By Andrew Blum*
You know LinkedIn, of course—everyone in PR does. But do you love it? Maybe not so much. You may be among those who think LinkedIn is too old-school or not worth the time, unless you are job hunting or recruiting employees. But think again: today’s LinkedIn helps PR professionals burnish their personal brand and perform essential job functions. First the basics:
- Find a job, fill a job: In early November 2016, LinkedIn listed 3.6 million U.S. job openings. Most recruiters rely on LinkedIn to source candidates.
- Count yourself among the high-performers: It’s hard to beat LinkedIn for networking with professionals who are making a mark. Pew’s latest stats show that 34% of all U.S. adults aged 18-29 use LinkedIn—that’s the largest proportion of any of the age groupings. And 45% of LinkedIn users earn more than $75,000 per year.
- Connect with reporters: You can find and reach out to reporters, more and more of whom see the value of LinkedIn. I have had reporters contact me on LinkedIn when they could not track me down for a comment on behalf of a client. It’s become another media and PR database.
- Spot trends, and create some of your own: Companies and their representatives use LinkedIn to publish long-form content, then distribute it to followers and people outside of their networks using Linkedin’s advertising and sponsored update tools.
- Get into college: Imagine this: The next generation of PR pros and reporters may already be on LinkedIn, soon to become your colleagues or work at your media targets. Nowadays, some colleges require high school students to create resumes for the college admissions race, and LinkedIn is helping with that, according to a recent article in The New York Times.
Publications and small business owners also have a lot to gain as LinkedIn expands its scope and reach. Here’s a few more things you should know about how businesses use this social platform.
Pump up the readership of their publication
Digiday recently reported that The Economist is renewing its focus on gaining more readers through LinkedIn. The British magazine took this step after it didn’t receive enough traction on Pinterest, Digiday said. In making the move, its LinkedIn follower count rose from 500,000 last year to 2.4 million and keeps increasing to the tune of 25,000 followers each week.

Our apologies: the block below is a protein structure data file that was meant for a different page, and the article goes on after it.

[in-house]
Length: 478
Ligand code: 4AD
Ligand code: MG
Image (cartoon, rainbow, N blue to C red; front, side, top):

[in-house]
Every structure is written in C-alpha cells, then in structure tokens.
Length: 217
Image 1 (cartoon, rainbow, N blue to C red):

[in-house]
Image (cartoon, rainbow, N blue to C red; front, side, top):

Grow a small business (and win a stash of cash)
With an appeal to small business owners, LinkedIn is aiming to be a place where business deals are done. According to a recent piece in Inc.com, by John Nemo, author, LinkedIn is courting a new audience – small business owners.
Nemo says that in conjunction with the recent launch of LinkedIn ProFinder — its new freelance marketplace — LinkedIn asked small business owners to share stories as part of the LinkedIn ProFinder Small Business Contest. It ends November 30.
The contest asks owners to share information about their business and explain the impact it has had on themselves, customers and their community. LinkedIn will choose three winners, with first place getting $5,000 cash. All contestants can win a free 90-day subscription to a Premium version of LinkedIn as well.
While the contest is a smart way to draw attention to ProFinder (a service you might want to use when you need a writer or designer), it’s also a sign that LinkedIn wants users doing business with each other on their site.
So, what does LinkedIn have in store next? It’s worth being there to find out.
*Andrew Blum is a PR consultant and media trainer and principal of AJB Communications. He has directed PR for public affairs clients, professional services and financial services firms, NGOs, agencies and other clients. As a PR executive, and formerly as a journalist, he has been involved on both sides of the media aisle in some of the most media intensive crises of the past 25 years. Contact him at firstname.lastname@example.org or follow him on Twitter: @ajbcomms.